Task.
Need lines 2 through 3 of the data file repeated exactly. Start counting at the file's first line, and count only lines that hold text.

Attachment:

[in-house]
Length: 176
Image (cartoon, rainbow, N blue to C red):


Length: 176
Image (cartoon, rainbow, N blue to C red):